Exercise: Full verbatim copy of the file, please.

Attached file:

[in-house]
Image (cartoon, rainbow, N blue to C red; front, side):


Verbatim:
[in-house]
Image (cartoon, rainbow, N blue to C red; front, side):